Why Do We Love Guinness World Records So Much?

Volunteers feed the final section of the pizza into the mobile oven as they successfully break the Guinness World Records title for "Longest Pizza" with a length of 1.32 miles (2.13 kilometers) at the Auto Club Speedway track, in Fontana, California on June 10, 2017. MARK RALSTON/AFP/Getty Images

Who doesn't love a wacky test of resilience or ability, especially if said challenge involves a pogo stick and a steep mountain? Apparently, few people are averse to the draw of attempting, or at least appreciating, the effort that goes into setting a world record. This is one of the reasons why the Guinness Book of World Records (now known as Guinness World Records) has stood the test of time. In the Part-Time Genius episode "Why Are We Obsessed With World Records?" podcast hosts Will Pearson and Mangesh (Mango) Hattikudur explore the nuances of what has helped Guinness World Records remain so magnetic after all these years.

Guinness Records continues to draw around 50,000 record applications every year but only a few thousand are accepted annually, say the hosts. And the printed version is the most commonly stolen book from public libraries, just ahead of the Bible.

The original volume was created for a reason that any overly competitive person can appreciate – to settle a fight. "You know, before people had cell phones or access to the Internet, you might be in a café and get into a silly debate over something ridiculous," Will says. Back in the 1950s, there weren't a lot of ways to settle these pub arguments over who was the tallest man or which sports team was the winningest. "Sometimes a drunken argument, no matter how trivial the topic, can lead to a brawl and that's what the Guinness Book was for. It was actually a peacemaking device to be stocked in bars and settle bickering," he adds.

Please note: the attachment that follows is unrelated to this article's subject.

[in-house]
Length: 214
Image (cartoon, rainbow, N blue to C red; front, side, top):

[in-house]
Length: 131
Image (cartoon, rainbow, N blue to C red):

The origins of the book started with Sir Hugh Beaver, a managing director at the Guinness brewery. He was attending a shooting party in the countryside of England, and got into argument with friends about which was the fastest game bird in England, and they couldn't find a definitive answer in any book. Beaver hit upon the idea of a book that could settle these kinds of disputes, full of facts and superlatives. He hired twin brothers and journalists Norris and Ross McWhirter to write it. The first edition was given away to pubs, but after that it stormed the bestseller charts, where it has remained ever since.

The hosts note that the book and website don't have just nutty facts — there's also a lot of history and science included. You can find out what's the longest natural arch in the world as well as what's the record for number of apples held in a mouth and cut by a chain saw in a minute. (Answer: eight!)

And why do people try to break these records? It's not just for publicity or attention. "Academic papers have been written about how records are a leveler in places where the odds are stacked against you," says Will.

For more about Guinness World Records — and to hear an interview with Dan Rollman, CEO of the website RecordSetter, download this episode of the Part-Time Genius podcast.